KENMORE, NY (WKBW) — “We can do clean up work and grass cutting, that’s about it,” declared Mark Caligiuri, landscaper & owner, MAC Services.
Landscaping is one of those essential business during the pandemic, but not for everything.
The New York State Agriculture & Markets Department issued new orders Tuesday about limitations for work conducted outside your home.
Landscapers are not allowed to begin new landscape projects. This means no new soil, mulch or plantings. That type of work is now considered non-essential, a change from earlier guidance issued March 24th.
“Some clients that are not understanding why we can't come, you know and do some stuff like mulching and all that, trying to explain it —we can’t,” Caligiuri described.
This regulation has nearly shuttered Caligirui’s entire business. He says most of his income comes from landscaping.
Late last week, Erie County Executive Mark Poloncarz delivered a stern warning to landscapers to stop new work work immediately or they will be shut down.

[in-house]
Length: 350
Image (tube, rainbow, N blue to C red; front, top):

“No new work, which means you can't put new mulch down, you can't do new plantings, and if you continue to do this you're going to find yourself in the same place the bars and restaurants did,” Poloncarz warned.
“We’ve had a lot of people reaching to us,” stated Lori Brockelbank, president, New York State Arborists.
Brockelbank says the rule is the same for tree cutting.
“They can go in and do your maintenance repair, such as remove dead trees, also prune trees for maintenance. You know, if you have dead wood in your trees, they they can remove that,” explained Brockelbank.
Horticulture business is also non-essential, with the exception of nurseries or greenhouses growing food to sell in the time of COVID-19.
“You an even get the products. You can't get mulch or soil because they closed them down. You can order a plant if you want a plant, but you’re not allowed to do that so, that's basically the majority of what I do,” Caligiuri remarked.
Caligiuri says he's been forced to layoff some employees. For now he's only allowed to cut lawns and do spring clean up, but that’s it.
“If it goes past May, it’s going be a problem. I can't wait to get through this, hopefully everybody stays safe and we can get through this nightmare,” Caligiuri reflected